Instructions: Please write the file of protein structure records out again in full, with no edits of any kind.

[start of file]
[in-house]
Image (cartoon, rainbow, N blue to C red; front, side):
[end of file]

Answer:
[in-house]
Image (cartoon, rainbow, N blue to C red; front, side):